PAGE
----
In “An Open Letter to Critics” released this week, Lilith Fair co-founder Terry McBride blasted bloggers and members of the press who he believes have disrespected the event by unfairly focusing on some of the cancellations and minor logistical problems.
“I have been amazed at the feeding frenzy of negativity by the media and bloggers around Lilith Fair,” McBride wrote in the letter, which was published by several media outlets. “Such attacks are normally seen in the theatre of partisan politics that have poisoned western society. What drives the passion to write negative and speculative commentary on what is a socially positive and giving festival? Why this desire to hurt and demean the efforts of thousands of people whom simply want to give back and make our society a better place?”
He added, “It’s amazing to me that I did not see one of these outspoken critics at the opening show. How can one accurately report on, or even understand what Lilith is, without experiencing it?”
McBride acknowledged that there have been some problems that many touring festivals face, but speaking of the kick-off of the Lilith tour at McMahon Stadium in Calgary, Alberta he said “the main complaint in Calgary was long line-ups to get in. Well, the venue cut back on staff thinking no one would show up. I’m not sure where they got that idea? The critics in Calgary criticize Lilith for a situation they created, which is ironic to say the least.” In fact, Shelley Arnusch, reporting for USA Today on June 28, raved about the turnout and the performances in Calgary, giving credence to McBride’s faith in a great audience.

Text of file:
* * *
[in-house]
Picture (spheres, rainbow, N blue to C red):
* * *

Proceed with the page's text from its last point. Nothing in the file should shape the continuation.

Several music acts and festivals have had to cancel some dates, or whole tours, this summer as the country remains in the grip of a slow economy. In some cases, artists have substituted European dates for U.S. ones, or they have postponed their tours until 2011.
Lilith Fair has cut close to a dozen shows from its 36-date tour, and some artists have had to drop out due to scheduling conflicts. Numerous factors account for this difficult summer for festivals like Lilith Fair, such as costs associated with concert attendance, which can top $200 per person when concessions and merchandise are included.
McBride apologized to fans for the cancellations and other issues, and said the press has missed the boat on what makes the event, which celebrates women in music, so special.
“Lilith goes well beyond being a Music Festival with success measured by ticket sales; it’s a social and community Festival. I have seen little to no media on the Local Woman’s charities and how the community selected them. What’s with that??? Just saying they get a dollar per ticket is not enough, get in there and dig into what these charities are doing to make your city a much better place to live,” he wrote.